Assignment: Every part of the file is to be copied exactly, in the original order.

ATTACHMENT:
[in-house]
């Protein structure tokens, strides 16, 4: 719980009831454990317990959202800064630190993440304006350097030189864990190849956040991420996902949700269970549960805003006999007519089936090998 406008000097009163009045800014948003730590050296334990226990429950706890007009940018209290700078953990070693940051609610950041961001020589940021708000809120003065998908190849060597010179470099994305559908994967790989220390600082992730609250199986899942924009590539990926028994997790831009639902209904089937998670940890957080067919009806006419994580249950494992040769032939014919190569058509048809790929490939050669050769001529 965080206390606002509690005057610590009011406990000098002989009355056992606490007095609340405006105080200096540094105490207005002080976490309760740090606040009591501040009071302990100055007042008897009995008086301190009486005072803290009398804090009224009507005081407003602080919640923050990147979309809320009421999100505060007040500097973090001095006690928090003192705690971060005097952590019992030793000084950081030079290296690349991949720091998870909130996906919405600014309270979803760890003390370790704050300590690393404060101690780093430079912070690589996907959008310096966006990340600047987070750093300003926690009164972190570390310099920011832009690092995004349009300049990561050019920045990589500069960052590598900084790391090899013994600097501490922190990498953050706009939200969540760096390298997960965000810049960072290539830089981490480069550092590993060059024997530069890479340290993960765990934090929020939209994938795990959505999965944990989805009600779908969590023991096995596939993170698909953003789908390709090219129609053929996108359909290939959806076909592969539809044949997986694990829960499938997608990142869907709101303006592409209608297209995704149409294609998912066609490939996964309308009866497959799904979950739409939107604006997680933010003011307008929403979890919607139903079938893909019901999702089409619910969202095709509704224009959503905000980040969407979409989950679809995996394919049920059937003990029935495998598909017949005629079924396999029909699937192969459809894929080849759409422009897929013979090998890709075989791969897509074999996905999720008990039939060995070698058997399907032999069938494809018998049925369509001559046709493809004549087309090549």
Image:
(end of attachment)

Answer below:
[in-house]
């Protein structure tokens, strides 16, 4: 719980009831454990317990959202800064630190993440304006350097030189864990190849956040991420996902949700269970549960805003006999007519089936090998 406008000097009163009045800014948003730590050296334990226990429950706890007009940018209290700078953990070693940051609610950041961001020589940021708000809120003065998908190849060597010179470099994305559908994967790989220390600082992730609250199986899942924009590539990926028994997790831009639902209904089937998670940890957080067919009806006419994580249950494992040769032939014919190569058509048809790929490939050669050769001529 965080206390606002509690005057610590009011406990000098002989009355056992606490007095609340405006105080200096540094105490207005002080976490309760740090606040009591501040009071302990100055007042008897009995008086301190009486005072803290009398804090009224009507005081407003602080919640923050990147979309809320009421999100505060007040500097973090001095006690928090003192705690971060005097952590019992030793000084950081030079290296690349991949720091998870909130996906919405600014309270979803760890003390370790704050300590690393404060101690780093430079912070690589996907959008310096966006990340600047987070750093300003926690009164972190570390310099920011832009690092995004349009300049990561050019920045990589500069960052590598900084790391090899013994600097501490922190990498953050706009939200969540760096390298997960965000810049960072290539830089981490480069550092590993060059024997530069890479340290993960765990934090929020939209994938795990959505999965944990989805009600779908969590023991096995596939993170698909953003789908390709090219129609053929996108359909290939959806076909592969539809044949997986694990829960499938997608990142869907709101303006592409209608297209995704149409294609998912066609490939996964309308009866497959799904979950739409939107604006997680933010003011307008929403979890919607139903079938893909019901999702089409619910969202095709509704224009959503905000980040969407979409989950679809995996394919049920059937003990029935495998598909017949005629079924396999029909699937192969459809894929080849759409422009897929013979090998890709075989791969897509074999996905999720008990039939060995070698058997399907032999069938494809018998049925369509001559046709493809004549087309090549």
Image: